1) You'd install an mSATA, move your OS and files to it (you'd need some SW to do this - you can research, or pay someone to do it who has the SW), remove the SATA3, install the longer 91Whr battery, and potentially re-use the SATA3 drive in an external USB-connected enclosure (these are dirt cheap). Personally, I have questions about licensing, but Microsoft must make it possible to swap out a hard drive that fails. Can that license be moved to the SSD? I'm a little iffy there to be perfectly honest. Did your laptop come with Dell OEM installation DVD/CD? If not, you could contact them for one. You purchased the laptop, the license is yours.

2). You'd install an mSATA, and install a new OS  (probably on CD/DVD - again check to see if CD/DVD came with your laptop - or call Dell - may be available for nominal fee) that comes with a license, onto the mSATA, then just move the data files from the SATA3 that you wish to keep onto the mSATA, then follow the above steps to remove the mSATA3 and re-use in an external drive. You'd have to install the application SW from scratch. Got installation media for them?

3). What if you find out (I re-read your original post) that you have both a mSATA and a SATA3 drive installed? Where is the OS loaded? On which one? Well, you probably need get your files ultimately onto a new mSATA of higher capacity. If your data files are on a pre-existing mSATA, you move them off onto some external storage, possibly a share on another computer that's networked. There's also a USB external enclosure for them (Amazon is your friend). I think, depending on your configuration, "where there's the will, there's a way".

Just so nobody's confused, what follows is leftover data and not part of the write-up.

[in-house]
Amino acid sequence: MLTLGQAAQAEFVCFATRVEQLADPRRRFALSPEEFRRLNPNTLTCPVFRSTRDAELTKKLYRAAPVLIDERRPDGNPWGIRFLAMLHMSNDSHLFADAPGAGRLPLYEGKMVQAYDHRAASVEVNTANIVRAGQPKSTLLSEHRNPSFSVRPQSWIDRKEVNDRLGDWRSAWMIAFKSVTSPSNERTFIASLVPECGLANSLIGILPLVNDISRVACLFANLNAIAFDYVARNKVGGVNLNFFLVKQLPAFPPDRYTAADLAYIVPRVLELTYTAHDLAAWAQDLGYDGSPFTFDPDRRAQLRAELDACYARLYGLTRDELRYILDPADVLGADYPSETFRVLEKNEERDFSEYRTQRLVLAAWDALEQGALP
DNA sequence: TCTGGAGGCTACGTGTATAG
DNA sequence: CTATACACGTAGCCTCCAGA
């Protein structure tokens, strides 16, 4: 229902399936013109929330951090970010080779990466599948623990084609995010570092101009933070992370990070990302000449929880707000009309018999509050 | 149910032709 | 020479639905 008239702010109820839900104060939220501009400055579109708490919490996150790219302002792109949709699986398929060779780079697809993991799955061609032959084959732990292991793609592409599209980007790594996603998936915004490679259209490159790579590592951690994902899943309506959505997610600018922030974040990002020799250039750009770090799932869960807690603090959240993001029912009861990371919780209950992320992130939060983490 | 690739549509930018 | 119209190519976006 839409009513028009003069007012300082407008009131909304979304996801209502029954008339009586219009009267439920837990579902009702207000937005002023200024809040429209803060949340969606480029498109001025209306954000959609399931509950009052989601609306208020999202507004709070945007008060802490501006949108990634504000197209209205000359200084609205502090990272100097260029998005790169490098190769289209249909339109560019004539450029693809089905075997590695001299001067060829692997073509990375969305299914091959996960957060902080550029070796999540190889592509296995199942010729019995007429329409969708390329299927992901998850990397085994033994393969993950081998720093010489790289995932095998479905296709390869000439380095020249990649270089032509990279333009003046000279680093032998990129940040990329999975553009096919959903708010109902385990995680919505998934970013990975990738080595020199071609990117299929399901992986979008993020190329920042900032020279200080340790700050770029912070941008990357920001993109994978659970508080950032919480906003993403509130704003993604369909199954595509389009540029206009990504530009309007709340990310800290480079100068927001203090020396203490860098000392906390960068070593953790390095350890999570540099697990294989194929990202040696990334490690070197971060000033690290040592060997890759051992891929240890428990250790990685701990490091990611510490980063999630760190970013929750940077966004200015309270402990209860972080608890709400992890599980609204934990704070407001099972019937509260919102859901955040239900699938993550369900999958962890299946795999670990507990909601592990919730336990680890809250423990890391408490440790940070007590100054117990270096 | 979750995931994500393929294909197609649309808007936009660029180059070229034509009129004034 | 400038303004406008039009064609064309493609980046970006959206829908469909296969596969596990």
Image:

Now how to install the OS if you don't have a CD-ROM drive? Either share a CD/DVD drive from another computer, or purchase a USB external drive (these are cheap on Amazon).

Let everyone know if you have any more questions and maybe I or another peer that reads the thread can help you further.

Good luck.

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quarx314
1 Copper

Re: M3800 upgrade to 91Wh battery

Many thanks for your effort!

The battery connectors and the mounting holes of the two battery types indeed look very similar on the images, which is promising. I had read the service manual before opening this thread.

Perhaps I should have given more information about the configuration of my machine and about my concrete plan:

I have a first-generation, maxed-out M3800 (16GB RAM, 4K screen) with two hard drives:

- a 256GB mSATA boot drive (LITEON 256M6M)

- a 500GB SATA data hard drive

The machine came with MS Windows pre-installed on the mSATA SSD in 2014, and it is still running great after 5 years. I mainly use it as a desktop replacement in my office, but also as a mobile device for teaching and research at a university. Unfortunately, the battery capacity has become underwhelming now (90 minutes runtime with office tasks). The machine being out of warranty now, I would not hesitate opening the case and installing a new battery by myself.

My plan is the following:

- replace the 256GB mSATA SSD by a bigger, decent 1TB drive (e.g., Samsung 860 EVO) and clone the Windows installation to the new mSATA SSD

- put the old mSATA SSD into an external enclosure - remove the 500GB SATA HDD and put it into an external enclosure

- replace the 61Wh battery by a 91Wh battery (OEM if possible)

 

Another promising fact may be the following: The aftermarket batteries for the M3800 are also compatible with certain XPS 15 models (9530, at least). In the XPS subforum, there are several threads about upgrading the battery of a XPS 15 to a higher-capacity model:

https://www.dell.com/community/XPS/Dell-XPS-15-9560-FHD-i7-7700HQ-56Whr-battery/m-p/6043068 https://www.dell.com/community/XPS/XPS-15-9570-Battery-upgrade/m-p/6127012 https://www.dell.com/community/XPS/DELL-XPS-15-9530-Replacement-Battery-amp-mSATA-Drive/m-p/5870174

I guess that the battery upgrade of the XPS 15 would not be possible if the mounting holes and battery connectors were different. 🙂